At a sports level, in which stage do you think medieval combat is in Mexico?
The sport in Mexico is in a transition phase. We can’t consider us a novice team anymore, as the first time we went to an international tournament was in 2014 and we are in 2017 now, many years from that. Things in Mexico are changing; we used to have just one association that managed the sport, regulated it and imposed its rules. Today we have diverse associations that have the same chances to participate, with different points of views. At the end, the objective of these new associations is to support the growing of this sport from those different points of view. There are certain structures that have to be respected, but the way of seeing of each one of them has enhanced this primarily for good. It’s not just one entity anymore the one who decides how it has to be. Now there are diverse points that have to reach common ground. In the end, when you have contrasting points of view, there is always a discussion and the right thing to do when there’s a discussion is to reach to a conclusion. So far, it has been complicated to set in order all these parts, but this transitional period is good for the sport, as it’s integrating a lot of people that were not comfortable with only one organization regulating the sport in the past. Currently, there are different ways of thinking the sport and now people have the possibility to choose which one of them to follow. The transition is also towards the professionalism, because we still are an amateur sport in Mexico, since no one generates profits from being a medieval combat fighter. We are doing an effort for this to really happen, so the boys who had invested years practising it, who had invested their money for the tournaments, the armours, and the medical insurance, will be finally able to receive an income that allows them to even live of being an HMB fighter. We can dream, right? Who says it’s not possible? That’s what we want and the transition we are looking for.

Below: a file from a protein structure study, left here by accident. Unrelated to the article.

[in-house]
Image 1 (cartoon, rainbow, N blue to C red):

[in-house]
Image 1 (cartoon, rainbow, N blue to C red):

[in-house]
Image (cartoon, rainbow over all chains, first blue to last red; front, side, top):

It looks like the conversation is about to end, but Vero asks to speak and alludes to those who are the ultimate driver of the development of this sport in all the countries: “Both IMCF and HMBIA have supported a lot this transition of having various associations and competitors in Mexico; they like it and want the sport to grow, so they are supporting all associations”.
And the conversation doesn’t end there, as it is now Verónica’s turn to tell us about her role in this sport’s developement in Mexico, and so becoming the main character of one of our next articles.